Meanwhile, at the request of New York Democrat Sen. Charles E. Schumer, the Justice Department is reviewing the constitutionality of state laws that allow people to use force in their own defense. The “stand your ground” laws are meant to spare people who defend themselves from being sued by assailants. Liberals hate these laws because they reinforce the Second Amendment and interfere with the paradigm of criminal as victim.
The Left’s constant accusations are getting a bit thick. Last week, an NAACP delegation actually complained to the UN in Geneva that state photo ID laws that prevent vote fraud were a violation of “human rights.”
In Loudoun County, Virginia, the local Democrat-owned newspaper, the Loudoun Times-Mirror, ran a banner headline on Wednesday that screamed: “Delgaudio’s advocacy group an anti-gay hate group, SPLC claims.”
Eugene Delgaudio is a county commissioner and founder of Public Advocate of the United States, a conservative advocacy group. SPLC stands for the Southern Poverty Law Center, which began as a small group fighting racism and morphed into a fabulously wealthy bully used by the Left to apply the “hate” stamp to people and groups with whom they disagree.
The SPLC tracks real hate groups such as skinheads, neo-Nazis and the like, and when they do that they perform a valuable public service as an early warning system. But recently, SPLC jumped the shark, lumping orthodox Christian outfits like the Family Research Council, Coral Ridge Ministries and others with real hate groups. That’s because these Christian organizations resist the cultural blitzkrieg to accept homosexual and transgender behavior as healthy, normal and unchangeable. The groups contend that people tempted in those ways deserve the same chance for repentance and salvation as everyone else.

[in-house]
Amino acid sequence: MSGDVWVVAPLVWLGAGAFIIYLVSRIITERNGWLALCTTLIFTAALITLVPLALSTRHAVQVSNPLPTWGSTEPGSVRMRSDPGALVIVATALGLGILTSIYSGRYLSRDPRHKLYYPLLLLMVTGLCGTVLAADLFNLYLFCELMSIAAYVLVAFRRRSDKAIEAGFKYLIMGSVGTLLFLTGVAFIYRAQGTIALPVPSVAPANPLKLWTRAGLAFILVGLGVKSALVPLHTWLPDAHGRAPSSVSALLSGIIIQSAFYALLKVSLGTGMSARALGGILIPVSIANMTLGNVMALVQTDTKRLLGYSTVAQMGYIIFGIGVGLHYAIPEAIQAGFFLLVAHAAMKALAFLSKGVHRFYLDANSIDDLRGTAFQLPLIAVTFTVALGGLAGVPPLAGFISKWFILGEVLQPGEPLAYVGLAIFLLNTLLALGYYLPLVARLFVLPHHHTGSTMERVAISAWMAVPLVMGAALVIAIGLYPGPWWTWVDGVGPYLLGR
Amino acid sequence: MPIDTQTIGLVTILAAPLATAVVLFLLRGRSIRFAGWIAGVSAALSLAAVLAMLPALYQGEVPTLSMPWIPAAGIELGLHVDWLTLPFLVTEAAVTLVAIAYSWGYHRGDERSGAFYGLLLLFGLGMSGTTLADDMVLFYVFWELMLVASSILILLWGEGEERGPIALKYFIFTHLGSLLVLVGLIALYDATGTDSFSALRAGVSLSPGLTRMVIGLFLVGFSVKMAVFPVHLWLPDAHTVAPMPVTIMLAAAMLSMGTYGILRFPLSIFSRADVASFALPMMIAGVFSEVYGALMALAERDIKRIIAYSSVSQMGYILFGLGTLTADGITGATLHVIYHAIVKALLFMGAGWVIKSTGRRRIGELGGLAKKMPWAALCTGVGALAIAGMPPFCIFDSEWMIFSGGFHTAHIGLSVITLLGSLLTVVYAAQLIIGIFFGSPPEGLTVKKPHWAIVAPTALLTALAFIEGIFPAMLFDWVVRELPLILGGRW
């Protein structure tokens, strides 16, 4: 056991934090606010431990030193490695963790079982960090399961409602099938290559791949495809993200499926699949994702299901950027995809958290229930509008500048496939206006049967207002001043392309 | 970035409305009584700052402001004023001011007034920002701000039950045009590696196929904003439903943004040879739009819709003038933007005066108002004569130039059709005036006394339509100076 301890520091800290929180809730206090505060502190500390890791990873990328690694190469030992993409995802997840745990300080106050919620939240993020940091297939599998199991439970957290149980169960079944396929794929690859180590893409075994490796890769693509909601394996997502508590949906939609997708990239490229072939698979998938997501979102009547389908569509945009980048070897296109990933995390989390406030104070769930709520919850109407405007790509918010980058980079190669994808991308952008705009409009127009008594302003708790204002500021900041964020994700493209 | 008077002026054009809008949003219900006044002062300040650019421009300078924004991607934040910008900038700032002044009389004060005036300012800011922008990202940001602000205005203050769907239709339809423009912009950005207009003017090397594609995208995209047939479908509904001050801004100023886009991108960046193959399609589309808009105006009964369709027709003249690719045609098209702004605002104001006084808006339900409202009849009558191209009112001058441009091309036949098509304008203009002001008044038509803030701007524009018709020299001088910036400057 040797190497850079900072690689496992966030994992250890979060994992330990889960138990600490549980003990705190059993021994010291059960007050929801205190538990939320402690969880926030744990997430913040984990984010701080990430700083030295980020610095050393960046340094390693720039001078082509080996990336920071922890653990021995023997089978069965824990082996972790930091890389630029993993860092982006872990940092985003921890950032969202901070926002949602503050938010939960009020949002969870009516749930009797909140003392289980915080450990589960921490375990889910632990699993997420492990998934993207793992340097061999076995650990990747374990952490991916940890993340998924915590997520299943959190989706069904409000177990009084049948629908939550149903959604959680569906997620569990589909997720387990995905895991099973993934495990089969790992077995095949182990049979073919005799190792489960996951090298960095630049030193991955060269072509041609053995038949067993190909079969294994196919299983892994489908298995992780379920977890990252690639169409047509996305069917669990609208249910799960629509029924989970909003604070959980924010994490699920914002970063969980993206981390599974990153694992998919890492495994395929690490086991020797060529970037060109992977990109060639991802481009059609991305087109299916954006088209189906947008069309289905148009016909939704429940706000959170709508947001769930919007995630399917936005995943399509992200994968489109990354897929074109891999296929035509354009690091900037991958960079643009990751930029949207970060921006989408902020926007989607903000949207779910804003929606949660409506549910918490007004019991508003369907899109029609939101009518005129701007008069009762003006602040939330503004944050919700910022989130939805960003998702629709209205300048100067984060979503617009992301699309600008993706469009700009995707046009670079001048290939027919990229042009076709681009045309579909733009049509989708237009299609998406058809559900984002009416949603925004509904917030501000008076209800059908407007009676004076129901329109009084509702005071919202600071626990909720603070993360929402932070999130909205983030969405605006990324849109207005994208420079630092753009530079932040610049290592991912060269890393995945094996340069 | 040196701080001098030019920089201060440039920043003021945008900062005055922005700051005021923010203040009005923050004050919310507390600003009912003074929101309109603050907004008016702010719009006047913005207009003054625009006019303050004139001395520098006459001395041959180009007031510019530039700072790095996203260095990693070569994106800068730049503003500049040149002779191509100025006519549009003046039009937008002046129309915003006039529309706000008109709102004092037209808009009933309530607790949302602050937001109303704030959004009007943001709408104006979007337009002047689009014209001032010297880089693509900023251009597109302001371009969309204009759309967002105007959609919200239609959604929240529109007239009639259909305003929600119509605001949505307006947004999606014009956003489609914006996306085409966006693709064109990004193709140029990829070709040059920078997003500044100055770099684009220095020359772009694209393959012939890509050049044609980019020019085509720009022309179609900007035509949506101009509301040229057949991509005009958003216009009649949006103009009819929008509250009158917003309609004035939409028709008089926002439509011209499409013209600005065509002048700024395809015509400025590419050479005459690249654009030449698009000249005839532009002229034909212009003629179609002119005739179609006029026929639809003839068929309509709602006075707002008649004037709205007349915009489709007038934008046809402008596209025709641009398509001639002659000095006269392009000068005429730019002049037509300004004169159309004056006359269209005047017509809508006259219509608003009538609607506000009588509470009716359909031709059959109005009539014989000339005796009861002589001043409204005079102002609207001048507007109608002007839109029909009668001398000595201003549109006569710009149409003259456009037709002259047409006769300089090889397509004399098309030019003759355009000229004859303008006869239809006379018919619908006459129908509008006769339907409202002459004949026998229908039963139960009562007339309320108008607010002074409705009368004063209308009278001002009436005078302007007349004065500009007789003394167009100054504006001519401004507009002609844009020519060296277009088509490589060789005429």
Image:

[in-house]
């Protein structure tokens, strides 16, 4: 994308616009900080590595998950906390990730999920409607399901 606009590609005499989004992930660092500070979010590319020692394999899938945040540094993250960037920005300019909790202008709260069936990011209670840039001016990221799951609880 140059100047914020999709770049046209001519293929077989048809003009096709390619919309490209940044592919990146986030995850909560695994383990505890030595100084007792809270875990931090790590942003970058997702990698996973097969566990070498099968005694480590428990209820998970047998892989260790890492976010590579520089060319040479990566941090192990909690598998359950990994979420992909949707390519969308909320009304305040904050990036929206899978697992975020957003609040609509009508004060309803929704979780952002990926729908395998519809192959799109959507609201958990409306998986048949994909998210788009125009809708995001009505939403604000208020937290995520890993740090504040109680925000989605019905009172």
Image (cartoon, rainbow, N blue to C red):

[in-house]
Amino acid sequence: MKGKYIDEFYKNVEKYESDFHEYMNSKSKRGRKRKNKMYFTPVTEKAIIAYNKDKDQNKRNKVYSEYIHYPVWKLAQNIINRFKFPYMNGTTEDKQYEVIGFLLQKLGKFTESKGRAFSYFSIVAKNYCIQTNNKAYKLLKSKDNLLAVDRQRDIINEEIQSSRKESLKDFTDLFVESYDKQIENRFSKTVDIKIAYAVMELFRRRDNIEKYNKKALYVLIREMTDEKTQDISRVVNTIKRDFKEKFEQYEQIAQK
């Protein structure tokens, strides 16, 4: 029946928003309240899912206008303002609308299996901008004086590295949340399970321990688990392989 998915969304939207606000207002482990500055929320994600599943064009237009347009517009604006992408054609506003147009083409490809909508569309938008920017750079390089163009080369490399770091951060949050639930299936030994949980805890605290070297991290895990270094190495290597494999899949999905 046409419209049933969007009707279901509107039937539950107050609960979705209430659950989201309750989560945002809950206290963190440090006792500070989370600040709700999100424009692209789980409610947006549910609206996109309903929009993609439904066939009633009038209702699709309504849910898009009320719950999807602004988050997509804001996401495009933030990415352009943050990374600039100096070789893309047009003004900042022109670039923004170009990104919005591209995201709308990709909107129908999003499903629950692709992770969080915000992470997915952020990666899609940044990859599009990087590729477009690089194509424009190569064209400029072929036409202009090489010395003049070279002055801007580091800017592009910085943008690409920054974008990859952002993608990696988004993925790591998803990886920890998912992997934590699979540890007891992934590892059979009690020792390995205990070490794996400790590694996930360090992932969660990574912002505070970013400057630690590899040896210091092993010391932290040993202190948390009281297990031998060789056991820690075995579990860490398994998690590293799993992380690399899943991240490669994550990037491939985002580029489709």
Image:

Liberals used to play the race card at the drop of a hat. The conservative joke was, “How do you know you’re winning an argument with liberals? They call you a racist.” Now, liberals play the hate card just as often.
The Southern Poverty Law Center has become a mirror of its own allegations. It makes false charges of hate and equates good people with violent extremists. The Anti-Defamation League ought to be all over the SPLC, but it, too, has bought into a radical leftist agenda that redefines traditional morality as a form of hatred.
In a society trained to react in Pavlovian fury toward someone accused of harboring “hate,” this charge is a powerful weapon for crushing dissent. Gradually, people are being conditioned to be race-obsessed and to associate traditional religious morality with bigotry and extremism.
The uneven, overheated nature of hate allegations undermines our cultural consensus that hate really is a bad thing. It cheapens the language, like redefining marriage, as Great Britain’s formerly “Conservative” Party is inexplicably championing. Words are losing their meaning. When the SPLC calls somebody a “hater,” you don’t really know until you look more closely.
The good news is that surveys show that the progressives’ “hate” parade is wearing out its welcome. How many people really believe that the Catholic Church and the Republican Party are “waging a war against women” because they want to restore conscience protections? How many people think Rush Limbaugh should be driven from the air while foul-mouthed liberals like Bill Maher assail conservative women with impunity?
Does anyone really believe anymore that march/protest/newshounds Al Sharpton and Jesse Jackson, who never miss a chance to fan the flame of racial resentment, really want us all to get along?
Justice needs to be done in the Trayvon Martin case, but a racially-charged circus atmosphere won’t make it any easier.
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